“He Wanted Me To Follow Him”: Diver’s Interaction With Curious Octopus Leads To Shrine Discovery (2024)

“He Wanted Me To Follow Him”: Diver’s Interaction With Curious Octopus Leads To Shrine Discovery (1)

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Scuba diver and photographer Jules Casey is no stranger to witnessing mesmerizing sights. Four years ago, she captured a pair of male and female seahorses united as the female transferred her eggs into the male’s pouch. (Seahorses and sea dragons are the only species in which the male gets pregnant and gives birth.)

And yet, this month, Jules found herself completely perplexed when, during one of her scuba dives, an octopus wrapped its long tentacle around her arm and began swimming away, almost as if indicating there was something he wanted to show her.

Highlights

  • An octopus led Aussie diver Jules Casey to an underwater shrine with a photo of a man.
  • The shrine, named Lorenz' Loop, was created as a tribute by a friend of the deceased man.
  • Jules had previously found parts of the shrine, including statues and metal pickets, during her dives.

“I don’t know if I found him or if he found me. He reached out his arm to hold my hand, and at that moment, it felt like he wanted me to follow him,” the Australian free diver explained.

After accompanying the huge Maori octopus for a few minutes, the two reached their destination: a secret shrine on the ocean floor.

Image credits: onebreathdiver

At the shrine, she found a framed photograph of a young man holding a white fluffy dog along with a plaque that read “Lorenz.”

The octopus hovered around the intriguing finding, indicating to Jules that he wanted her to focus her attention there.

For the content creator, seeing the man’s photo brought to mind other peculiar objects she had encountered around the area during past dives.

“Several weeks ago, I stumbled upon a few metal pickets in a line spaced 5 meters apart. Then, slowly, the beginnings of a trail, which included a few statues, appeared,” she shared.

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“Over the next few weeks, more metal pickets were added; then pipes. The trail looped around not far from the starting point.

“Then, one day, an octopus led me to a plaque, the final piece of this puzzle.”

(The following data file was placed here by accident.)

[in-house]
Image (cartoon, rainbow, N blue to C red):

The octopus stopped at a framed photo of a man holding a white dog, which was anchored to the ocean floor

Image credits: onebreathdiver

In addition to the statues secured to the ocean floor with metal pickets, Jules’ video documenting her unique underwater adventure also revealed a broad PVC pipe, which her octopus companion repurposed into a shelter.

“Octopuses like to hide in them,” the professional photographer said.

The artificial reef in Mornington Peninsula was named Lorenz’ Loop in honor of the man who inspired the tribute.

But little did Jules know that she’d end up crossing paths with the person who created the shrine.

Sharing her remarkable anecdote with a man at a local dive shop, Jules learned that her interlocutor had been behind the heartfelt tribute.

“I couldn’t believe it. But he showed me a little map he’d drawn of the structures in a loop for his friend, Lorenz, who’d passed away,” she told News Australia.

While she had never been on a scavenger hunt with an octopus before, Jules says that close encounters with this species are not rare, given the animals‘ nature.

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“They’re very curious, and I find more often it happens around their mating season. They’ll reach out and touch you. They do spend quite a bit of time exploring your camera.

“They’re amazing creatures. It’s so cool when one of them wants to come and explore you.”

Before the intriguing experience, Jules had encountered other objects from the shrine

Image credits: onebreathdiver

Maori Octopuses, also known as New Zealand octopuses, are one of the largest octopus species in the southern hemisphere. Their tentacles can reach three meters in length.

Their color ranges from orange-brown to dark purple, and they have numerous small iridescent white spots over their arms, dorsal arm crowns, and webbing.

On social media, Jules shared that she has reencountered the curious octopus following the discovery of the shrine.

“Since we last met, he has lost the tips off most of his arms and has a few white patches. I’m guessing that he’s been mating and is getting close to the end of his life.”

Although this species has a short lifespan—they breed once and live for 12-18 months—the females lay approximately 7,000 eggs and continue caring for them after hatching.

Female Maori octopuses make significant sacrifices for their offspring. During the two months the eggs take to hatch, their mother doesn’t eat to ensure they’re always supervised. Also, by not feeding, they produce less waste, contributing to higher water quality for the eggs.

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After the eggs hatch, the females are at risk of dying due to their weakened state from the time spent tending to them.

People reacted to the surprising interaction between Jules and the octopus

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“He Wanted Me To Follow Him”: Diver’s Interaction With Curious Octopus Leads To Shrine Discovery (2024)
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